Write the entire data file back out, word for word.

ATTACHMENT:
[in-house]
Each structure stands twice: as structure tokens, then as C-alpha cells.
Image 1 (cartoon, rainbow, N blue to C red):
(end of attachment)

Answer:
[in-house]
Each structure stands twice: as structure tokens, then as C-alpha cells.
Image 1 (cartoon, rainbow, N blue to C red):